A MUCH LOVED DISH FROM Les Rochers.
There are many delicious things served in the restaurant (I’ll be posting an entry about this weekends noshing adventures in the Pyrénées this week) but my favourite of my dads dishes are the plump and aromatic moules marinière, the generously portioned, vanilla specked, thick and smooth crème brûlée, the robust and comforting Poulet Basque which I blogged recently, and last but not least this lovely quiche Lorriane.
And this may sound like a bit of a bold statement, but I am going to go all out and say it anyway – this is hands down the best quiche Lorraine I’ve ever eaten. In fact, it’s the best quiche full stop. A fine homemade pastry case complete with a crisp bottom houses a slinky savoury custard, densely packed with smoked lardons and cheese. My dad likes to finish the filling with a tiny touch of sage which lends a subtle and welcome herbal touch – it’s not a traditional addition but one that really works.
It would make a great dinner party starter, picnic addition or lunchbox treat, though my favourite way to eat it is straight from the oven. That said, it has been known to have been snaffled from the restaurant fridge in the middle of the night. More than once (sorry dad).
For a 315mm (12 inch) baking tray to serve 12
- 250g plain flour (type 45)
- 125g cold unsalted butter
- 1 egg
- 10ml milk
For the filling
- 100g chopped shallots
- 600g smoked lardons, or chopped smoked streaky bacon de-rinded, preferably dry cured
- 4 medium eggs
- 4 medium egg yolks
- 500ml single cream
- 100g grated Emmental/gruyère cheese
- A few fresh sage leaves finely chopped
- A grind of black pepper
- A scrunch of sea salt
- Set oven to 180°C.
- Seive flour into a mixing bowl and grate into it the cold butter, add a little salt, and rub in the butter with the flour until it resembles fine breadcrumbs.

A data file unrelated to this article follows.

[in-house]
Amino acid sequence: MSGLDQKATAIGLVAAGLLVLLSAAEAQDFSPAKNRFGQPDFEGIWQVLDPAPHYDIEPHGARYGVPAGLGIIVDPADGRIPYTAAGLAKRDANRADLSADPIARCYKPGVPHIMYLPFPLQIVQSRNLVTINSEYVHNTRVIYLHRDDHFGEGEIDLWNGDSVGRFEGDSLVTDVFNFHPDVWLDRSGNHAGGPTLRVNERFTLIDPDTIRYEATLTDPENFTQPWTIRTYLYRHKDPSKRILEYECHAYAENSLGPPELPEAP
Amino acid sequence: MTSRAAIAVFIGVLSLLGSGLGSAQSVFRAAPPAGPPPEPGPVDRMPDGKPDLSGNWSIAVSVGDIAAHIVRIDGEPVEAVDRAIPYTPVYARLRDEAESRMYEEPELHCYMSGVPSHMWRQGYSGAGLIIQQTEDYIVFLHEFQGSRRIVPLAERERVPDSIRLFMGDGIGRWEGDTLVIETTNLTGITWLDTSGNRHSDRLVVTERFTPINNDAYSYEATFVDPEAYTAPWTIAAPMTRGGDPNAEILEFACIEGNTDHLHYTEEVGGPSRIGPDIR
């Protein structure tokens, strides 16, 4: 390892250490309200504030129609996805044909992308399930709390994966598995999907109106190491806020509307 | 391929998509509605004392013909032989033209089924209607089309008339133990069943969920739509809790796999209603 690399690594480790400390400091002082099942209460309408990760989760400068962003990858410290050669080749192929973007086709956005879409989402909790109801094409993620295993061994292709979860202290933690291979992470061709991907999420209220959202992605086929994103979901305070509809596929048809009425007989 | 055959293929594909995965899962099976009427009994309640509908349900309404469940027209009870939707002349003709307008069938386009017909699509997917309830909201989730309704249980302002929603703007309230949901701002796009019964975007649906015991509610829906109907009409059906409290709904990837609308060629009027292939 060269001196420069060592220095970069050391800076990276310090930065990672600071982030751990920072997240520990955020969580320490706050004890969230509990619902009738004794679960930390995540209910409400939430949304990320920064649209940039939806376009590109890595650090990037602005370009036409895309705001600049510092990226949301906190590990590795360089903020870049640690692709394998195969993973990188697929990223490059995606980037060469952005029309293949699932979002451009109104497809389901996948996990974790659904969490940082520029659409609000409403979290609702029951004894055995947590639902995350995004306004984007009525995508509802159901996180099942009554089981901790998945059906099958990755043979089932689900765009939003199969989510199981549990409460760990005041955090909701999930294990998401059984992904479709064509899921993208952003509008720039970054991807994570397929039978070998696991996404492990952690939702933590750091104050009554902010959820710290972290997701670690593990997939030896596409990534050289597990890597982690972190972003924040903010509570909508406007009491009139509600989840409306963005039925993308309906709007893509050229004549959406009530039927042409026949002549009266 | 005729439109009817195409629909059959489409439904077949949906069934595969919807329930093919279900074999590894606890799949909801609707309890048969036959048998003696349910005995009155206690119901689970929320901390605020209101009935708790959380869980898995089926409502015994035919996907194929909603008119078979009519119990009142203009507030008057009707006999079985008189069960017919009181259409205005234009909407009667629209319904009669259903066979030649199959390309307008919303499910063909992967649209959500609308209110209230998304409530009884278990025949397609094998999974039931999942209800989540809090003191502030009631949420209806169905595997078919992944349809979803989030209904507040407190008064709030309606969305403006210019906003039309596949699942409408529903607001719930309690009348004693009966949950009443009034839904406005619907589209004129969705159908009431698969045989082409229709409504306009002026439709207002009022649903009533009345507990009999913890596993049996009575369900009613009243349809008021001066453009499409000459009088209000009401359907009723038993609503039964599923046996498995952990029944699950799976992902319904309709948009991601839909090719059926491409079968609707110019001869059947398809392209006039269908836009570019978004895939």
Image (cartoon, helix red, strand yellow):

- Beat the egg and combine with the milk, add about three quarters to the mix using a large knife, finally work the mix into a ball of pastry with one hand.
- Flour a worktop and rolling pin and form the pastry into a round flattish disc, adding more flour if too wet, roll in one direction only, then turn 45°, ensure the work surface is still floured, and roll again in the same direction, turn 45° and continue until big enough to fill the tray.
- Any tears or mistakes can be patched with scraps of pastry stuck back using the remaining egg/milk mix.
- Line with greaseproof paper and fill with ceramic baking beans, or rice, or pulses etc and bake for 13 minutes, retrieve from the oven, allow to cool slightly and remove the paper and beans, return to oven for one minute to dry out the base.
- In a large frying pan put the lardons and the finally chopped shallots over a medium heat, and cook to your preference adding plenty of black pepper and the finely chopped sage leaves towards the end.
- Tilt the pan and support to allow the fat to drain to one side, leave for at least five minutes, then dispatch the contents into the pastry case, (leaving the fat in the pan).
- Beat the eggs and yolks together, add the cream and beat again, pour into the case, taking care not to overflow, finish with the grated cheese, we use emmental or gruyere here at the hotel, but any hard and not too strong cheese will do.
- Into the oven, normally about 40 minutes, golden brown and raised is the goal.
- Eaten warm with a little salad and a nice cold glass of Jurançon – real men do make and eat quiche!